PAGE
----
Momentum calibration

The scaling factors for momentum calibration are computed by comparing the positions of known high symmetry points in the band structure with their corresponding locations in an energy slice. Suppose A and B are two high symmetry points identifiable (e.g. as local extrema) from the experimental data with pixel positions (XA, YA) and (XB, YB), and momentum positions, (\({k}_{x}^{A}\), \({k}_{y}^{A}\)) and (\({k}_{x}^{B}\), \({k}_{y}^{B}\)), respectively. We calculate the pixel-to-momentum scaling ratios, fX and fY, along the X (column) and Y (row) directions of a 2D k-space image, respectively. Then, the momentum coordinate (kx, ky) at each pixel position (X, Y) may be derived.

$${f}_{D}=\left({k}_{d}^{A}-{k}_{d}^{B}\right)/\left({D}_{A}-{D}_{B}\right)$$
(4)
$${k}_{d}={f}_{D}\times (D-{D}_{A})\quad (D,d=X,x\,{\rm{or}}Y,y)$$
(5)

Energy calibration

The calibration requires a set of band mapping data measured at different bias voltages (applied between the material sample and the ground), usually sampled with a spacing of 0.5 V in a range of ± 3–5 V around the normally applied bias voltage for a particular sample. The calibration proceeds by finding the TOF feature (e.g. local extrema) correspondences in the 1D energy distribution curves (EDCs) at different biases using the dynamic time warping algorithm57. The transformation from the TOF to the photoelectron energy E is approximated as a polynomial function,

$$E({\rm{TOF}})=\mathop{\sum }\limits_{i=0}^{n}{a}_{i}{{\rm{TOF}}}^{i}$$
(6)

The approximation is sufficiently accurate within a range of 20 eV, sufficient to cover the entire valence band and some low-lying conduction bands of typical materials. The polynomial coefficients are determined using nonlinear least squares by solving \(\Delta T\cdot {\boldsymbol{a}}=\Delta E\), in which \({\boldsymbol{a}}={({a}_{1},{a}_{2},...)}^{T}\) is the coefficient vector while the constant offset a0 is determined by manual alignment to an energy reference, such as the Fermi level or valence band maximum. The vector ΔE and the matrix ΔT contain, respectively, the pairwise differences of the bias voltages and the polynomial terms of differential TOF values. To calibrate a large energy range including multiple core levels, a piecewise polynomial may be used11.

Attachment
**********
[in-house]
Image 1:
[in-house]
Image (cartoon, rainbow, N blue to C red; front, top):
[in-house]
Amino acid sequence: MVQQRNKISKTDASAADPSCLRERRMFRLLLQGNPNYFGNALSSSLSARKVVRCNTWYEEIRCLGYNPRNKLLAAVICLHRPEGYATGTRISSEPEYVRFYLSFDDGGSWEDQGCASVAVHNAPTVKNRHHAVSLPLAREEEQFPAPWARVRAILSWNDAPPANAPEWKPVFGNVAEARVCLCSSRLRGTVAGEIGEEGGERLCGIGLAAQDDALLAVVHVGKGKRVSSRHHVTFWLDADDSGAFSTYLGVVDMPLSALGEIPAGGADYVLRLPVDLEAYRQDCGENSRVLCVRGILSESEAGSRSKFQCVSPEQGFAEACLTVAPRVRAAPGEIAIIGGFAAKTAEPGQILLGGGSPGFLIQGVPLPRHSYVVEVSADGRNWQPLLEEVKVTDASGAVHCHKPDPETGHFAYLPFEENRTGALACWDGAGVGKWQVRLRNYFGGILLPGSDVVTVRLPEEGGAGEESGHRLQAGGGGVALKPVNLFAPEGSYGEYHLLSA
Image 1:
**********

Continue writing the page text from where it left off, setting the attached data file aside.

Pump-probe delay calibration

The time origin (“time zero”) in time-resolved photoemission spectroscopy, i.e. the temporal overlap of pump and probe pulses, is determined by fitting of a characteristic trace extracted from the data. Since the readings of the digital encoder (see Fig. 2) are sampled linearly, equally-spaced pump-probe delays are directly convertible from the readings using linear interpolation, given the boundary values of the translation stage positions and the corresponding delay times. For unequally-spaced delays, a delay marker is first added to each data point as a separate column after data acquisition to group together the encoder reading ranges that correspond to the specific time delays. The data binning is carried out over the delay marker column instead of the equally-sampled encoder readings.

Visualization strategies